Issues in Agriculture

Issues in Agriculture

Class Teaches Developing Leaders How to Help Settle Conflicts

By Keith Robinson

Andrew Johnson is the type of person who tends to back away from conflicts. That's because they sometimes can damage relationships, which he doesn't want to happen. For him, the outcome of conflict usually is a bad thing.

Johnson is now learning something about himself that he wants to change: He's an avoider. He came to this realization after enrolling in a Purdue University College of Agriculture class that helps students recognize their leadership abilities and develop skills to foster agreement on tough agricultural issues that often sharply divide two or more sides.

He is coming to understand there is such a thing as "constructive conflict."

"Conflict also is a way to sharpen each other, to make each other better," says Johnson, a sophomore from Orleans, Ind., studying agricultural finance. "Being able to maintain a relationship in the midst of conflict can really make it stronger."

Purdue University course teaches students how to help resolve issues in agriculture through leadership and collaboration. (Video by Carlee Glassburn)

The class, Dealing with Controversial Issues in Agriculture (AGEC 498), explores issues such as those surrounding large-scale hog operations, community conflicts and the environment. One issue the class studied this year involved the possible sale of raw milk for human consumption. State legislative bills that would have allowed it in Indiana were unsuccessful in 2013.

Taught each spring semester by agricultural economics professor Janet Ayres, the class includes examination of case studies, presentations by guest speakers with experience in conflict situations, and role-playing scenarios that take students out of their comfort zones, such as when a student with a farming background assumes the role of an environmentalist opposed to a farm operation.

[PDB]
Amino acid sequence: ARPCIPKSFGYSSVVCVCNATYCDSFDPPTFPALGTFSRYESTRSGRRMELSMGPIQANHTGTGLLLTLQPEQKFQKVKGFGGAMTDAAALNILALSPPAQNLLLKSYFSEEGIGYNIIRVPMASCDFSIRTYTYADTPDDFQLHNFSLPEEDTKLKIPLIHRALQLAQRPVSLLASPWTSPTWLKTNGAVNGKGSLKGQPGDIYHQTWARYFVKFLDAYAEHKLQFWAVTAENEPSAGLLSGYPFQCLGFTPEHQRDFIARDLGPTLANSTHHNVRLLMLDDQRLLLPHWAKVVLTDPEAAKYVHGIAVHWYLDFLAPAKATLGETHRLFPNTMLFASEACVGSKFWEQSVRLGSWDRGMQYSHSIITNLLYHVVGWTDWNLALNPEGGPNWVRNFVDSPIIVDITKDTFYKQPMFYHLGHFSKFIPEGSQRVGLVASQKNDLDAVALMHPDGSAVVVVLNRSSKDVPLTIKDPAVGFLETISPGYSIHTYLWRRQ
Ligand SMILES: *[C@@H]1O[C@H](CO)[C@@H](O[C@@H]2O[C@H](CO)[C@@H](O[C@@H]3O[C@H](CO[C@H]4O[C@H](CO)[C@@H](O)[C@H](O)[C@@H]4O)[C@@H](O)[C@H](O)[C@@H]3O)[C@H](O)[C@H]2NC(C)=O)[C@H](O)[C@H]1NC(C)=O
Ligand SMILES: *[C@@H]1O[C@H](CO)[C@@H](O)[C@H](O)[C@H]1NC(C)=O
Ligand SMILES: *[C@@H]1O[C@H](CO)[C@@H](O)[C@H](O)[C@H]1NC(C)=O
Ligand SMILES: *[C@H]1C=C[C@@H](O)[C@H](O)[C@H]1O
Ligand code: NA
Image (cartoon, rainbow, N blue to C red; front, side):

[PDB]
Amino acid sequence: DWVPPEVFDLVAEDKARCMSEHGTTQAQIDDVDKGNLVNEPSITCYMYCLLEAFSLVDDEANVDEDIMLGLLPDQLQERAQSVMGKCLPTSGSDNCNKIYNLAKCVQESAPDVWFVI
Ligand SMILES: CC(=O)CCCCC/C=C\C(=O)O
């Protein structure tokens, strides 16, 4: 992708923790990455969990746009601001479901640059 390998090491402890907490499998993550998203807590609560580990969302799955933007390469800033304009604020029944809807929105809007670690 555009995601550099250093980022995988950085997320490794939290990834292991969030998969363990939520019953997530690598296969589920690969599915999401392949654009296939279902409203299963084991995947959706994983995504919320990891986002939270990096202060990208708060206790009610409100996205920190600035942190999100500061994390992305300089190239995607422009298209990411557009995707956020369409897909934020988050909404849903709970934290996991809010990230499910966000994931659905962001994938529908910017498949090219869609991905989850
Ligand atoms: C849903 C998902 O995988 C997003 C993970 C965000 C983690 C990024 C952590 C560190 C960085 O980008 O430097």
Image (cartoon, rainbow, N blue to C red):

Ayres says the role-playing helps students think about how people with different backgrounds and causes might approach a particular issue.

"If we can do more of this in real life and actually put ourselves in the shoes of somebody who comes from a very different perspective, it would help us have a more open mind when we're trying to work through these problems," she says.

The role-playing exercises have been as simple as buying and selling oranges, with the students negotiating and coming to a compromise. A more complex scenario, such as one inspired by a situation in North Carolina, involved a plan to reintroduce wolves to the wild. In that one, the students represented the positions of farmers, parents, a wildlife biologist, state officials and a forest manager as they worked toward a solution.

'A wise leader speaks with knowledge'

The Dealing with Controversial Issues in Agriculture class is all about developing leaders.

As a sociologist, professor Janet Ayres' work has focused on building the skills of rural leaders and state and federal professionals to address community change, create a strategic direction, manage conflict and build leadership for local decision making and action. She has developed nearly 30 state, national and international leadership development programs, including in Poland and Russia.